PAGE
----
Why I can't escape spaces on a bash script?

  • I'm trying to escape the space char for a path in Bash, but neither using a backslash or quotes works.

    .sh script:

    ROOT="/home/hogar/Documents/files/"
    FILE=${ROOT}"bdd.encrypted"
    DESTINATION="/home/hogar/Ubuntu\ One/folder"
    
    mv ${FILE} ${DESTINATION}
    

    After execute the script (./file) this is the result:

    mv: target 'One/folder' is not a directory
    

    Why does the mv command split the string, and how do I stop this from happening?

  • Braiam

    Braiam Correct answer

    7 years ago

    You are expanding the DESTINATION variable, if you did echo this is what you would get:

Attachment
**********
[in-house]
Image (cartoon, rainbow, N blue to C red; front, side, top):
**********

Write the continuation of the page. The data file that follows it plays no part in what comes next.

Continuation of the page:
echo ${DESTINATION}
    /home/hogar/Ubuntu\ One/folder
    

    But mv doesn't understand this:

    mv ${FILE} ${DESTINATION}                                                
    mv: cannot move '/home/hogar/Documents/files/bdd.encrypted' to '/home/hogar/Ubuntu\\ One/folder': No such file or directory
    

    (for some reason my mv is more verbose)

    To prevent this you should use quotes instead:

    mv "${FILE}" "${DESTINATION}"
    

    If you don't need expansion (since you are already expanding before) just using "$..." should suffice:

    mv "$FILE" "$DESTINATION"
    

    Furthermore, if you double-quote everything consistently, you don't need the backslash before the space.

    `${variable}` and `$variable` are equivalent in all ways, unless immediately followed by a character that is valid in a variable name.

License under CC-BY-SA with attribution


Content dated before 6/26/2020 9:53 AM